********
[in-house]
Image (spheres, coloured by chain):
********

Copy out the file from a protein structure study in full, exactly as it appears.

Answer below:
[in-house]
Image (spheres, coloured by chain):